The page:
This Delta de Anza Regional Trail is named to commemorate the route taken by Spanish explorer Juan Bautista de Anza during his 18th-century expedition into the Delta region of today's East Contra Costa County.
The paved, multi-use hiking, bicycling and equestrian trail currently spans over 15 miles of the planned 25-mile length. When completed, it will generally follow the East Bay Municipal Utility District's corridor and the Contra Costa Water District's canal.
This trail is an alternative transportation corridor connecting communities in central and eastern Contra Costa County. It provides access to regional and community parks, many schools and Los Medanos Community College. The community parks have play areas for children and are excellent rest stops during longer trips, providing restrooms, drinking water and picnic facilities.
The trail intersects Antioch's Mokulumne Trail and the Marsh Creek Regional Trail in Oakley. It connects the cities of Concord, Bay Point, Pittsburg, Antioch and Oakley and provides access to Contra Loma Regional Park (and Black Diamond Mines Regional Preserve) through Antioch Community Park.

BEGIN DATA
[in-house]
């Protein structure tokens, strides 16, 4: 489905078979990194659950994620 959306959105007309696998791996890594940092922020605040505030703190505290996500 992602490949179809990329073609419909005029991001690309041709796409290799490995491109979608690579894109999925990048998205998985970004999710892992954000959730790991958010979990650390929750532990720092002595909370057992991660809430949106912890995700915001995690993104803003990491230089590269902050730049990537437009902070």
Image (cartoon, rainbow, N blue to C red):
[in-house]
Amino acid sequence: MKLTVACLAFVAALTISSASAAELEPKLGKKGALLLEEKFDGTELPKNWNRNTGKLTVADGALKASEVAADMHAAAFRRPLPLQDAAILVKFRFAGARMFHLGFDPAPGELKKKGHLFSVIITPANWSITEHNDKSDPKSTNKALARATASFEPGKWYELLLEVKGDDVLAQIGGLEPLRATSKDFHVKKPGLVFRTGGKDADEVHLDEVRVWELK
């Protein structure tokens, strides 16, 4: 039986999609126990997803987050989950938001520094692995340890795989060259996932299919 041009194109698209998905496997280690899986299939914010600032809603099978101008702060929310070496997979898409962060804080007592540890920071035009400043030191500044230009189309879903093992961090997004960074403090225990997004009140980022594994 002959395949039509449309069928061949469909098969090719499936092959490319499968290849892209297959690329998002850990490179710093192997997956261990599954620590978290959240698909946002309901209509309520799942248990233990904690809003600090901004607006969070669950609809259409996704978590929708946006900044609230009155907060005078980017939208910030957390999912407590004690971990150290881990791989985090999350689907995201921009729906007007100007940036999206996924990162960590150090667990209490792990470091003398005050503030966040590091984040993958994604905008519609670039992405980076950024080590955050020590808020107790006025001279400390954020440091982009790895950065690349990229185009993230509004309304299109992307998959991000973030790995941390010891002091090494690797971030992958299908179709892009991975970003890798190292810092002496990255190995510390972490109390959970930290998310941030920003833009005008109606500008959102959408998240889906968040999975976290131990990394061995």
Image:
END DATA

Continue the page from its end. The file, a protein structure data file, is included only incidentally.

To Reach the Trail
Most parts of Delta de Anza Regional Trail are wheelchair accessible. Certain parts have small rises or hills that may present difficulties for persons in wheelchairs, particularly portions adjacent to Los Medanos College and Marchetti Park in Pittsburg and portions on either side of Canal Park in Antioch. The trail over the Willow Pass, from Evora Road in Bay Point to Willow Pass Road in Concord, is long and steep.
The Delta de Anza trail is recommended for equestrians, bicyclers, hikers, joggers, and runners.
Non-Emergency Trail Safety Hazards: Call (510) 544-2510 for the Trails Hotline (Mon-Fri, 8:30am-5pm, voicemail available after hours or call the Non-Emergency Line below)
Trail Conflicts/Violations: Call (510) 881-1833 for the Non-Emergency Public Safety Line, 24 hours a day, or submit a Park Watch Report online.
Emergency/Crime in Progress: Call 911 or (510) 881-1121 from a cell, 24 hours a day.